But what we want to do is, to my earlier point, is make sure that when it comes to specific information about voting, we know that there are specific rules of the road, and let me give you a prime example. So a misinformation thing would be you have COVID, so therefore you can't vote. Well, we know that's not true, Brian. We know that's simply not true. And if someone does post something like that, we would take that down because that is under the ruse of trying to influence someone's vote, which is completely and totally unacceptable.

ALEXIS CHRISTOFOROUS: I know that over the weekend two Democratic lawmakers, two Congresspeople who have been critical of Facebook in the past wrote a letter to the company urging Facebook to hire more experts on racial hate groups, also to improve enforcement of the company's existing ban on posts encouraging people to take weapons, you know, to polls or to election offices. What is your response or what is the company's response to that letter, and are these lawmakers just not getting the steps that Facebook is taking right now?

ROBERT TRAYNHAM: Well, I can't speak to the specifics of the letter because I haven't seen it, but what I can tell you is that we've spent billions of dollars. Tens of thousands of people are actually working on this full time, I might add. We have about 30 teams across the whole entire company globally that are not only working with state governments but also with law-enforcement officials to combat misinformation and also hate groups and so forth on the platform. So billions of dollars later as well as tens of thousands of employees that do this full time, we're still aiming to try to take down as much misinformation as we possibly can.

In addition to that, we also have software and artificial intelligence that, candidly speaking, takes down a lot of information, about 96% according to a recent research poll from the European Union or for a European think tank. So we are aiming for perfect, but we're certainly not perfect.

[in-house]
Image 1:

BRIAN SOZZI: Robert, there was supposed to be an oversight committee which founder Mark Zuckerberg called some time back the supreme court, really outside counsel monitoring information on the platform. Has that committee been set up, and how will that committee work in the lead up to the election?

ROBERT TRAYNHAM: So thanks for bringing it up, Brian. So it's an oversight board of global experts that will be all from around the world. These are academics. These are former prime ministers. These are law professionals that will take a look at certain cases. By the way, this will be cases that are independent from Facebook. And they will be binding.

So when, in fact, a case comes before the oversight board, they will decide independently of the company whether or not something should come down or not. So I'm being very high level here. There's some specific tactics leading up to that.

But to your specific question, they are just getting up and running. Unclear as to whether or not they will be up and running before the election. As you know, that's right around the corner. But using Mark's words, I mean, this is a game changer. No other-- to my knowledge, no other organization is doing anything even remotely like this.

BRIAN SOZZI: So, Robert, just to be clear real quickly, so the committee is getting up and running. Unclear if they will be analyzing content before the election?

ROBERT TRAYNHAM: I think it's-- yes, they are up and running, getting up and running. I think it's probably unlikely that they will be able to see cases between now and election day, but that could change.